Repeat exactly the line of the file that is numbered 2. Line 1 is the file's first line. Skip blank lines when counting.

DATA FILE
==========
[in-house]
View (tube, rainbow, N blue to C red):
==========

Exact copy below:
View (tube, rainbow, N blue to C red):